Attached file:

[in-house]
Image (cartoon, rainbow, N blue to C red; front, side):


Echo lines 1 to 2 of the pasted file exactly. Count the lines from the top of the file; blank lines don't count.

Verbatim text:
[in-house]
Image (cartoon, rainbow, N blue to C red; front, side):